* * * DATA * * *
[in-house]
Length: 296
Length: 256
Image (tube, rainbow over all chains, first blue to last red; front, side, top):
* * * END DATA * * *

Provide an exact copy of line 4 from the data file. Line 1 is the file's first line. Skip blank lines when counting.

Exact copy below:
Image (tube, rainbow over all chains, first blue to last red; front, side, top):